And Mark adds: ‘The response in Australia and New Zealand has been fantastic with the work being awarded Book of the Month / Book of the Week, etc . . . with many press and book outlets from Australia’s biggest bookseller to small coastal bookstore cafés. In a way the small shops are more real as I can visualise readers there with my book, and that is a wonderful thing. Not everyone gets the book, and that’s okay. And not everyone wants to get it, and that’s okay too. But the critics and press, broadly speaking, have been very generous and supportive in their reviews. This, too, is more than I could have wished for.’

Every major national and state newspaper in Australia has published an article on the Dundalk novel, and many have carried an interview with Mark. ABC National Radio featured a prominent interview on their prime-time morning show. The book is also beginning to prove popular with book and reading clubs. ‘Isn’t is a mad thing,’ Mark asks, ‘to think of people so far away and who have never been to Ireland, are talking about curry chips at The Square and walks to Cúchulainn’s Castle?’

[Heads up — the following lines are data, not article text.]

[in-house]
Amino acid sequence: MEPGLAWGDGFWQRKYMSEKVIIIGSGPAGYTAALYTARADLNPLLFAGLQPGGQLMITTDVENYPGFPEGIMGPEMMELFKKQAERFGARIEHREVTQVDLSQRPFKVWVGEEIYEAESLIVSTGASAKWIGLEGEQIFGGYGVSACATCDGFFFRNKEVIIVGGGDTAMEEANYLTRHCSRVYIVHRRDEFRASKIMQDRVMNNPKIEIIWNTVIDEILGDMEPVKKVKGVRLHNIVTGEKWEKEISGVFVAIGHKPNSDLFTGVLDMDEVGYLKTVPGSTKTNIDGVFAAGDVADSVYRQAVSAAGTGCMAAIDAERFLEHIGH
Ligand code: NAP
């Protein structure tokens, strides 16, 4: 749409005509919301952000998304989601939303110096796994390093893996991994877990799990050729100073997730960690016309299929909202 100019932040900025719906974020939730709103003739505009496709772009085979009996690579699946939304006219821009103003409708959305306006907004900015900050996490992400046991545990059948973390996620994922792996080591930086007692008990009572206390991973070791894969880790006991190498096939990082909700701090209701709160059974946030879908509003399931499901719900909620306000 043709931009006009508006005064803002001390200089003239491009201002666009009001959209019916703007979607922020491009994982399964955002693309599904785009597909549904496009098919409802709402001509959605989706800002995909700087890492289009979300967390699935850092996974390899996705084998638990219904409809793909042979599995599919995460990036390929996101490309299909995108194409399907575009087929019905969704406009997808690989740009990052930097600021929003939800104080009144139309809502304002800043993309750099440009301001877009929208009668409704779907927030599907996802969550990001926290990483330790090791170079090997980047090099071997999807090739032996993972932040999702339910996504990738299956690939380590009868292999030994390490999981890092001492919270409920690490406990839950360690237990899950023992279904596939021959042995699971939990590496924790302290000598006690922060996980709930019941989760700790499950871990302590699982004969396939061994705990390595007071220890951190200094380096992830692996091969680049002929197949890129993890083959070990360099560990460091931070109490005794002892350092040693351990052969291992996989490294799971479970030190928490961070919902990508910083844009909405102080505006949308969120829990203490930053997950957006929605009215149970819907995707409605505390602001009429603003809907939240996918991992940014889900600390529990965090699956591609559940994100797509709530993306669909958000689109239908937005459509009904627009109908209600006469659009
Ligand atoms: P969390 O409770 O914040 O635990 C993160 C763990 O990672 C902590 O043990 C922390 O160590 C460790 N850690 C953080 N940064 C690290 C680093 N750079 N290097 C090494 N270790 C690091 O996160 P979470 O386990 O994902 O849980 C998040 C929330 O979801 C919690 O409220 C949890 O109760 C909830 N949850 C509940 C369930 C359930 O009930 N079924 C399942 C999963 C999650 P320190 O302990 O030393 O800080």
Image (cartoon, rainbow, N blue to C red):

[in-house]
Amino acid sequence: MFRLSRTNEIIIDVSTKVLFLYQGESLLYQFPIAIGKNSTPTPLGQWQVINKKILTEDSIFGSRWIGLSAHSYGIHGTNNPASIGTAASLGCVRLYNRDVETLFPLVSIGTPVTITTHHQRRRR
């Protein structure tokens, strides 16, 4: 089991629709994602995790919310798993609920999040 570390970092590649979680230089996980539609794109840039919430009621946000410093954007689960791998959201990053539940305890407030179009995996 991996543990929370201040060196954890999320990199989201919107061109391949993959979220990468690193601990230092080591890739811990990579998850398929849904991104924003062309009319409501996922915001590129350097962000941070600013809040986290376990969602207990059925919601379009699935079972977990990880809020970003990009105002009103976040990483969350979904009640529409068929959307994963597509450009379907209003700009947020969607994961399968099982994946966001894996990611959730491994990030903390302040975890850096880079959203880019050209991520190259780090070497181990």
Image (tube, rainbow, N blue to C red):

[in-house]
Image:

But Mark cautions: ‘UK and Irish reviews of the book will be harsher, and some may be severe. And that is understandable. The focus, arc, and language of the work will annoy many. And that’s okay by me. It is, I guess, a fairytale of sorts, a mixing of the real and the unreal, just like the ancient myths and legends it references. Not all readers will go with that. But it won’t add up if read in the absolute. And, of course, the book will be viewed differently in Dundalk than elsewhere. Things like this are seen, and weighted, differently by distance.’

The Australian cover for Mark's debut book 'A Mad and Wonderful Thing'

The Australian cover for Mark’s debut book ‘A Mad and Wonderful Thing’